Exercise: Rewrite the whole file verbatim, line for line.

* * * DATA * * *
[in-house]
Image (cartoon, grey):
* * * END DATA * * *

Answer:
[in-house]
Image (cartoon, grey):